Vogt’s Notes: To my dad: Happy first heavenly Father’s Day

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Sunday is Father’s Day, my first one without my dad.

I won’t be writing a Facebook post to him. I won’t call and have him answer, “Hey, Scoop!” or “Hi, No. 1.” He started the first greeting when I became a reporter more than 30 years ago, and the second greeting refers to me being his firstborn. I won’t be buying a Father’s Day card or a gift for him.

My dad died in January, but I still want to wish him a happy Father’s Day and tell him what a wonderful dad I had for 55 years. He was always there for me and my sister with thoughtful advice that encouraged us to make our own decisions that he’d support.

As I tear up while writing this, I can hear his calm voice saying, “Take a deep breath,” which he always said when we were upset about something. That phrase never failed to elicit even more tears from us, but once we concentrated and actually took that deep breath, it did help.

I can still hear his famous answer when we’d ask how he knew something: “Dads know everything.”


I can still see his scrawled handwriting at the bottom of a grocery list, where he’d add, “Surprise for Dad.” And later, after becoming known as “Poppy” to our family and beyond thanks to his grandchildren: “Surprise for Poppy.”

And I can still hear that last voicemail he left me: “Either you’ve learned how to walk on water, or you’re ice fishing. I hope it’s the latter.” That took me a minute to figure out, but then I realized he’d tracked me on the Snapchat map and saw that I was in the middle of Sylvan Lake on a January weekend.

My dad was always calm, cool and collected. Even in death. He simply died in his sleep, saving us from worrying about him in a hospital or care facility. He didn’t suffer. He wasn’t in pain. He had health issues, but he still lived his life to the fullest til the end.

People associate happenings in life with a deceased loved one, and I discovered I’m no different. When I returned home a week after my dad died, I sailed through all the green lights on Highway 371 through Baxter. Not just that one time, but nearly every time for a while.

I know it’s coincidence, but I like to think it’s my dad looking after me.

Also shortly after returning home, the cuckoo clock that my parents bought in Germany and that’s now at my house started playing music again every half hour. The music started up again just as suddenly as it had stopped for seemingly no reason a while ago.

Again, it’s coincidence. But again, I think of my dad.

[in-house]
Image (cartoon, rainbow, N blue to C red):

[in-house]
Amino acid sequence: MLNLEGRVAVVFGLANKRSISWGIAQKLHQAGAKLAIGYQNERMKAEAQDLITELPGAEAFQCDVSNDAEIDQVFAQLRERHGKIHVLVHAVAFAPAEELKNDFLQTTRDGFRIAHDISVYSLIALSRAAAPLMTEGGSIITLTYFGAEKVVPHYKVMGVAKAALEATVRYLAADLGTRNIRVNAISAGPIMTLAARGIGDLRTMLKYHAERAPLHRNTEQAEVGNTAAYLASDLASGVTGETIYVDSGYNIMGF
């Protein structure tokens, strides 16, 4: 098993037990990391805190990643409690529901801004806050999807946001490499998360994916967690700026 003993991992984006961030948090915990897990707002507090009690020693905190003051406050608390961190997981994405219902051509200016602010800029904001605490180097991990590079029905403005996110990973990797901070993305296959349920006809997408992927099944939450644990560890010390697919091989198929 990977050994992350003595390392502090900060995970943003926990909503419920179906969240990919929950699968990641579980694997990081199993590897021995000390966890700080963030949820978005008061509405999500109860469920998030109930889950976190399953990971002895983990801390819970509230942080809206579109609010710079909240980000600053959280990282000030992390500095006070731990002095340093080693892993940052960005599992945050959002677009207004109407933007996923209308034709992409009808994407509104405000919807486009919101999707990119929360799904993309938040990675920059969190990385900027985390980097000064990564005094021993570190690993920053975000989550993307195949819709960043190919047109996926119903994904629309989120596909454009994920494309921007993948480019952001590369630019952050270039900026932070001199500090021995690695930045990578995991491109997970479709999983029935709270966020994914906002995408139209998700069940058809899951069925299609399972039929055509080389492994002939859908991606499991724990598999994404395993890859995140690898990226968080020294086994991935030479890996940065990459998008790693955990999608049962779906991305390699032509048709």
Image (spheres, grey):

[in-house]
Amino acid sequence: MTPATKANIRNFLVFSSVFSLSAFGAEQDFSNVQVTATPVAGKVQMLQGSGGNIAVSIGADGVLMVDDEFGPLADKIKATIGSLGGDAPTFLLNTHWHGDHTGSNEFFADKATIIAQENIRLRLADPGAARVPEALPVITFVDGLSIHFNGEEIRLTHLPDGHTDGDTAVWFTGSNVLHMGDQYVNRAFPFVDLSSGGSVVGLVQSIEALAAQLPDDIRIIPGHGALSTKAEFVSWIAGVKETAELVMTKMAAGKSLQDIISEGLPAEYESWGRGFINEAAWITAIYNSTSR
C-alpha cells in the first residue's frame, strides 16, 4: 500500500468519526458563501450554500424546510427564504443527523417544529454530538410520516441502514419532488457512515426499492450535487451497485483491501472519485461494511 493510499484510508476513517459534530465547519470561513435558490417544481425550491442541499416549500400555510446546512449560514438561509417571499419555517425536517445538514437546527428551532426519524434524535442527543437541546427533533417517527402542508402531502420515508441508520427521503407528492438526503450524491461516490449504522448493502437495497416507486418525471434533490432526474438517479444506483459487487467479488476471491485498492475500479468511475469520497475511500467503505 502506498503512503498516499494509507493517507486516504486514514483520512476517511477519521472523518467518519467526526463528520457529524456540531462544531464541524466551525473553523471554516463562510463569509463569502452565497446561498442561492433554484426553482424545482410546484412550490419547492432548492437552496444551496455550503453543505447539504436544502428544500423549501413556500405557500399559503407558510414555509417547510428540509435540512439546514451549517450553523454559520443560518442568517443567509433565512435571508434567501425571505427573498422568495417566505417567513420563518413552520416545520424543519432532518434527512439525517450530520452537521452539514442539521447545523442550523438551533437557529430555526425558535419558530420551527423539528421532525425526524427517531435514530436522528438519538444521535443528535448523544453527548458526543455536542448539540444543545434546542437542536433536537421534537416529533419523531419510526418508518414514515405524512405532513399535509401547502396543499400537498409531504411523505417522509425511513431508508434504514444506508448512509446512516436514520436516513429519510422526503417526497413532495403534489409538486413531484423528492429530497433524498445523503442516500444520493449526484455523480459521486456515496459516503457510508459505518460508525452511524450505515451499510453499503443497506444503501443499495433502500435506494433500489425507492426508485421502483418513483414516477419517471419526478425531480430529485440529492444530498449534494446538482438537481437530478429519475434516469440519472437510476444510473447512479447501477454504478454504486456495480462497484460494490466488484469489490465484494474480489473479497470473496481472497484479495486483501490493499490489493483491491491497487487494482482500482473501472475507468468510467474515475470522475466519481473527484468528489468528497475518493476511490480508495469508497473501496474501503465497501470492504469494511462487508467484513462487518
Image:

Comments on Facebook describe my dad so accurately: “What a great guy with a huge heart, warm hug and inviting smile.” “A genuine, kind and caring man.” “Such a kind and gentle man.” “A very kind man.” “A true gentleman.” “Genuine, thoughtful, caring.” “It’s obvious family meant everything to him.”


I’m so proud of my mom in all she’s learned and in the way she’s carried on in the last nearly five months. It hasn’t been easy after being with someone for nearly 56 years, especially given the state of our world today.

On my first Father’s Day without my dad, I still wish him a happy Father’s Day. And I’ll reflect on this thought I found somewhere along the way from David Kessler, author of “Finding Meaning: The Sixth Stage of Grief:”

“You don’t have to experience grief, but you can only avoid it by avoiding love. Love and grief are inextricably intertwined.”

Nancy Vogt may be reached at 218-855-5877 or Follow her on Facebook and on Twitter at

Nancy Vogt - Vogt's Notes.jpg
Nancy Vogt, PineandLakes Echo Journal Editor

Nancy Vogt is editor of the Pineandlakes Echo Journal, a weekly newspaper that covers eight communities in the Pequot Lakes-Pine River areas - from Nisswa to Hackensack and Pequot Lakes to Crosslake.

She started as editor of the Lake Country Echo in July 2006, and continued in that role when the Lake Country Echo and the Pine River Journal combined in September 2013 to become the Pineandlakes Echo Journal. She worked for the Brainerd Dispatch from 1992-2006 in various roles.

She covers Nisswa, Pequot Lakes, Lake Shore and Crosslake city councils, as well as writes feature stories, news stories and personal columns (Vogt's Notes). She also takes photos at community events.

Contact her at or 218-855-5877 with story ideas or questions. Be sure to leave a voicemail message!
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